NAYPYITAW, Myanmar (CNS) -- The plight of the ethnic Muslim minority
in Myanmar's Rakhine state was front and center in speeches by Pope
Francis and Aung San Suu Kyi,
but neither publicly used the word Rohingya.
After private meetings Nov. 28 with Myanmarese President Htin
Kyaw and Suu Kyi, the state counselor and de facto head of government, the
pope and Suu Kyi gave formal speeches to government officials and diplomats
gathered at the convention center in Naypyitaw, the nation's capital.
Suu Kyi, leader of the process to bring democracy to Myanmar
and winner of the 1991 Nobel Peace Prize, publicly acknowledged, "Of
the many challenges that our government has been facing, the situation in
Rakhine has most strongly captured the attention of the world. As we address
long-standing issues -- social, economic and political -- that have eroded
trust and understanding, harmony and cooperation between different communities
in Rakhine, the support of our people and of good friends who only wish to see
us succeed in our endeavors has been invaluable."
"The road to peace is not always smooth," she told
the pope, "but it is the only way that will lead our people to their dream
of a just and prosperous land that will be their refuge, their pride, their
In his speech, Pope Francis was even less specific, although
he repeatedly insisted that the rights of each member of society and each
ethnic group must be respected. He praised the role of the United Nations
and the international community in supporting peace efforts, presumably also in
their condemnations of the discrimination and persecution of the Rohingya, a Muslim minority.
"The future of Myanmar must be peace, a peace based on
respect for the dignity and rights of each member of society, respect for each
ethnic group and its identity, respect for the rule of law, and respect for a
democratic order that enables each individual and every group -- none excluded --
to offer its legitimate contribution to the common good," Pope Francis
The pope said he wanted to visit the country to strengthen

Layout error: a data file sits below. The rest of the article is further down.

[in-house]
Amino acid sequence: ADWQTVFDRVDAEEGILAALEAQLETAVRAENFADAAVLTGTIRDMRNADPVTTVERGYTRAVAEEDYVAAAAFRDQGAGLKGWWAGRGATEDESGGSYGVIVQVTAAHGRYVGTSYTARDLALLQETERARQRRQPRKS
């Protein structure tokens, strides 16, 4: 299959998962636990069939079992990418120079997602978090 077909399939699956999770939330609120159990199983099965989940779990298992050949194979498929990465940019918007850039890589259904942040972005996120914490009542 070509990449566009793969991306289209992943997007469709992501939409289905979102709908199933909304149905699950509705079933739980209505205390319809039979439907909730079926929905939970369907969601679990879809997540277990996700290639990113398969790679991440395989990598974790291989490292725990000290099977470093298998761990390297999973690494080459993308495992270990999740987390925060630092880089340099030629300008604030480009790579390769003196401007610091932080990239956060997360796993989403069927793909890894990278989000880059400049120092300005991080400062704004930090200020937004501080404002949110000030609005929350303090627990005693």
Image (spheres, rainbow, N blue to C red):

the small Catholic community and "to offer a word of encouragement to all
those who are working to build a just, reconciled and inclusive social
Myanmar's "greatest treasure," he insisted, "is
its people, who have suffered greatly, and continue to suffer, from civil
conflict and hostilities that have lasted all too long and created deep
Pope Francis praised Suu Kyi for convoking the "21st
Century Panglong Union Peace Conference," a series of meetings that began
in 2016 between the government and militant groups from more than a dozen
ethnic groups in Myanmar.
The Rohingya are not included in the peace process since the
government does not consider them to be a Myanmar ethnic group, but rather
Pope Francis insisted, "The future of Myanmar must be
peace, a peace based on respect for the dignity and rights of each member of
society, respect for each ethnic group and its identity, respect for the rule
of law, and respect for a democratic order that enables each individual and
every group -- none excluded -- to offer its legitimate contribution to the
Religious communities must play a role in the process of
reconciliation and integration, he said. "Religious differences need not
be a source of division and distrust, but rather a force for unity,
forgiveness, tolerance and wise nation building."
In addition to helping heal "the emotional, spiritual
and psychological wounds of those who have suffered in the years of conflict,"
he said all religions "can help to uproot the causes of conflict, build
bridges of dialogue, seek justice and be a prophetic voice for all who suffer."